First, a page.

Conn won't dismiss Reed murder charges

Robert Reed

Robert Reed

KINGMAN - A murder case will continue to trial after a judge denied a motion to dismiss the charges.

Mohave County Superior Court Judge Steven Conn denied a motion from Deputy Public Defender David Corbett to dismiss second-degree murder charges against Robert L. Reed, 63, of Kingman.

Reed is accused in the shooting death of Gary Shain on March 17, 2007. Corbett is arguing that the shooting was in self-defense.

Corbett said the County Attorney's Office had failed to secure a chair with bullet holes in it as possible exculpatory evidence in the case. The chair could have been used to show a jury the trajectory of the bullets in the case, and might have shown whether statements made by a witness were incorrect.

Corbett said the officer who took the statements from the witness saw the chair and knew it might possibly prove the witness wrong. Yet the officer did not attempt to preserve the chair as evidence.

The only evidence of the chair are photos taken by detectives at the scene. The defense cannot reconstruct the trajectory of the bullets adequately from photos, Corbett said.

The court had granted a defense motion ordering the CAO to preserve all evidence in the case - including the chair - in May 2007, he said.

Deputy County Attorney Ros Saciuk argued that the request to preserve the chair came three months after the incident. At that time, the CAO attempted to get the chair, but it was no longer available.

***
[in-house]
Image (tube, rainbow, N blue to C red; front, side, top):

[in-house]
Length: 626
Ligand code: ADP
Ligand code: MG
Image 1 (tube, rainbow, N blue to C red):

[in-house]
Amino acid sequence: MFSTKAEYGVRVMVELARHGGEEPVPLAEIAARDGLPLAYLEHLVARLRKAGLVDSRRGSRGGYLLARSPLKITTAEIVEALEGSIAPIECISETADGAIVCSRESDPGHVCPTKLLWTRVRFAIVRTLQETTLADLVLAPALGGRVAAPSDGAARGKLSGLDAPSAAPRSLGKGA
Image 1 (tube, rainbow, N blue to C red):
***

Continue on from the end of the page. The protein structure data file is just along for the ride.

The photos of the chair could show where the bullets had struck Shain, and there was a bullet hole in the wall near the floor, which could show trajectory, Saciuk said.

The Mohave County Sheriff's Office also had taken photos of how Shain was found in the chair.

The jury will hear all the facts in the case, Sacuik said.

A similar chair had been offered to the CAO as evidence, but the offer was turned down, Corbett said. The defense and the jury couldn't tell from the pictures whether the chair was a rocking chair or a swivel chair, all of which might have bearing on the trajectory of the bullets.

Nor could defense adequately recreate for the jury what had happened that day without the chair, he said. And defense could not adequately confront the evidence against Reed without it.

At the very least, the court should instruct the jury that there was possible exculpatory evidence that the CAO had failed to preserve, Corbett said.

Conn said he did not know if the MCSO had seized the chair and returned it, or if the office had not collected the chair at all. He also didn't know if the CAO had asked the MCSO to find the chair. And he pointed out that the detective did not testify in court as to what he heard from the witness and saw in the chair.

Conn said that at the time, the detective did not know that Reed would argue the incident was self-defense and that the evidence would need to be preserved.

The chair might have been helpful to the defense, Conn said, but what was going through Reed's mind at the time of the incident would probably prove to be more important to the defense's case.

Conn said there was no evidence that the detective or CAO had failed to protect the evidence, and denied the motion.